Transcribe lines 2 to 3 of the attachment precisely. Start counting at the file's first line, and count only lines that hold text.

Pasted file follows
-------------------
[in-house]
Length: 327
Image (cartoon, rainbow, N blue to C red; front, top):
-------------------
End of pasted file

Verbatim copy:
Length: 327
Image (cartoon, rainbow, N blue to C red; front, top):